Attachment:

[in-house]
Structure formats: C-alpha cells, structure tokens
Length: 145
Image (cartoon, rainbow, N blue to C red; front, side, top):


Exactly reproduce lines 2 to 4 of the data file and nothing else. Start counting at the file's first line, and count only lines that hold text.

Structure formats: C-alpha cells, structure tokens
Length: 145
Image (cartoon, rainbow, N blue to C red; front, side, top):